Saturday, December 30, 2017

Trust vis Acceptance


As I've written elsewhere, there is not really -- and can not be -- trust between strangers because trust requires a transfer (or exchange) of power based on a mutually shared belief that interests are entangled.

To wit: you can trust me on this because I accept some responsibility for our mutual success

And, I'll only do that if I know you well enough to believe in your competence, your integrity, and your sense of values that align well enough with what I value. This, of course, lets out strangers

On the other hand, even if I don't have trust, I can have acceptance. I can believe, based on observation or context, that you are likely to follow the norms I follow. If that weren't the case, we probably couldn't hurdle down the highway at 80mph with on-coming traffic of strangers. We don't know the other drivers, of course, but we have acceptance of their belief in the value of the traffic norms.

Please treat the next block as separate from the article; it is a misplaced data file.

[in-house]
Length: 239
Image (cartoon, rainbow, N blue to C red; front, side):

With that in mind, I was struck by this statement in a novel I'm reading:
"Trust is something an intelligence officer does not give on first meeting. But, I [can] accept you"
"The Quantum Spy" David Ignatius

Given that tens of thousands of PMs work in classified environments, and given the breaches of confidence and norms in the past few years, is it any wonder that trust in our industry is devolving to merely acceptance -- with a "show me" to follow?


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